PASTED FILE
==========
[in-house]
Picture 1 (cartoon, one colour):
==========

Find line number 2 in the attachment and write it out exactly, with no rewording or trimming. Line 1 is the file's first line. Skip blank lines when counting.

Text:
Picture 1 (cartoon, one colour):